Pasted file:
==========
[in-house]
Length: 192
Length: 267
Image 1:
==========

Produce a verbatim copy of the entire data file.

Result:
[in-house]
Length: 192
Length: 267
Image 1: